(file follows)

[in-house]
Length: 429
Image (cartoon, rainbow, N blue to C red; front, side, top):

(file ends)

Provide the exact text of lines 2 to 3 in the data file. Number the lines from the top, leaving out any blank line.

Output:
Length: 429
Image (cartoon, rainbow, N blue to C red; front, side, top):